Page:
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Original research
Association of work performance and interoceptive awareness of ‘body trusting’ in an occupational setting: a cross-sectional study
  1. Chisato Tanaka1,2,
  2. Kenta Wakaizumi3,4,
  3. Shizuko Kosugi2,5,
  4. Shintaro Tanaka1,
  5. Ko Matsudaira6,
  6. Hiroshi Morisaki5,
  7. Masaru Mimura1,
  8. Daisuke Fujisawa1,2
  1. 1Neuropsychiatry, Graduate School of Medicine, Keio University School of Medicine, Shinjuku-ku, Japan
  2. 2Interdisciplinary Pain Center, Keio University Hospital, Shinjuku-ku, Japan
  3. 3Shirley Ryan AbilityLab, Chicago, Illinois, USA
  4. 4Department of Physical Medicine and Rehabilitation, Northwestern University Feinberg School of Medicine, Chicago, Illinois, USA
  5. 5Department of Anesthesiology, Graduate School of Medicine, Keio University School of Medicine, Shinjuku-ku, Japan
  6. 6Department of Medical Research and Management for Musculoskeletal Pain, 22nd Century Medical and Research Center, Faculty of Medicine, The University of Tokyo-Hospital, Tokyo, Japan
  1. Correspondence to Dr Shizuko Kosugi; shizuko.kosugi{at}


Objectives Work performance has been known to be influenced by both psychological stress (mind) and physical conditions (body). The aim of this study was to investigate the association between work performance and ‘body trusting’, which is a dimension of interoceptive awareness representing mind–body interactions.

Methods A cross-sectional study was conducted among a sample of workers in an industrial manufacturing company in Japan. Participants were assessed with a self-reported questionnaire including evaluations of work performance, body trusting, psychological distress, pain persistence, workplace and home stressors, and workaholism. Participants’ sociodemographic, health and lifestyle characteristics were collected from their annual health check data. The association between work performance and body trusting was examined using multivariable regression analyses in the overall sample and in a subsample of people with pain.

Results A total of 349 workers participated in the study. A significant association between work performance and body trusting was observed, with higher body trusting representing higher work performance. The association was significant after controlling for psychological distress, workplace and home stress, workaholism and participants’ characteristics (p<0.001). Compared with people without pain (n=126, 36.1%), people with pain (n=223, 63.9%) showed less body trusting, which was associated with decreased work performance after controlling for pain-related variables (p<0.001).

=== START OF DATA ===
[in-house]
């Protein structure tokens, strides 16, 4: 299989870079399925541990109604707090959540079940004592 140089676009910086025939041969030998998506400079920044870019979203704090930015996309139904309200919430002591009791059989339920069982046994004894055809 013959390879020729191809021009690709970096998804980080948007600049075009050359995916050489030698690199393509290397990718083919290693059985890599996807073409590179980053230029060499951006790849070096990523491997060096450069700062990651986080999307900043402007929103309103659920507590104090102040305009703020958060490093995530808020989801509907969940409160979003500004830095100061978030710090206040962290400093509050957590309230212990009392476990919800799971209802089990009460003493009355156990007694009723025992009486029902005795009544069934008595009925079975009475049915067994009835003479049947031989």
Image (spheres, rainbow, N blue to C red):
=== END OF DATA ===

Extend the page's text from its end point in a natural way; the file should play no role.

Conclusions Workers with higher body trusting showed higher work performance, even after controlling for various influencing factors. Body trusting may be an important target to promote work performance and to prevent loss of performance induced by health problems.

  • pain management
  • mental health
  • preventive medicine
  • public health
  • adult psychiatry

Data availability statement

Data are available upon reasonable request. Analysed data in this study are available under the permission of the Institutional Review Board in Keio University School of Medicine corresponding to each request (

This is an open access article distributed in accordance with the Creative Commons Attribution Non Commercial (CC BY-NC 4.0) license, which permits others to distribute, remix, adapt, build upon this work non-commercially, and license their derivative works on different terms, provided the original work is properly cited, appropriate credit is given, any changes made indicated, and the use is non-commercial. See:

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Strengths and limitations of this study

  • This is the first study that demonstrated the effect of individuals’ level of ‘body trusting’ on work performance.

  • This effect was significant after controlling for pain, workplace stressors and mental health factors.

  • Our findings imply that interventions to improve body trusting, such as mindfulness, may increase work performance.

  • This is a single-centre, cross-sectional study with limited generalisability and a lack of information on cause–effect relationships.


The promotion of work performance and occupational health is an urgent task in modern industrial society. Especially in developed countries with an ageing population and low birth rate, the negative impacts of decreasing productivity on national gross domestic product are spreading.1 The ratio of the population aged 65 and over to the total population in Japan was 28.1% as of 20192; this ratio is expected to increase further, with a declining total population as well as a declining working age population. Therefore, qualitative strengthening of the labour force is an emerging issue.3 The Japanese Ministry of Economy, Trade and Industry advocates ‘Health and productivity management’, which encourages companies to commit strategically to employees’ health promotion such as by increasing the rate of medical examinations, working towards early detection of mental illness and intervening in lifestyle habits such as smoking and drinking. These investments in employees’ health are intended to enhance the employees’ work performance and the corporation’s value.4

Work performance is influenced by both psychological stress and physical health problems.5 Stress-related mental illnesses, such as depression and anxiety disorders, are important risk factors that impair work performance.6 Second to mental problems, physical disabilities that incur pain such as chronic low back pain have a strong impact on work productivity loss.7 Since pain intensity, frequency and duration are critical factors in determining the impact on physical disability,8 these pain characteristics are related to lowered performance in people with pain.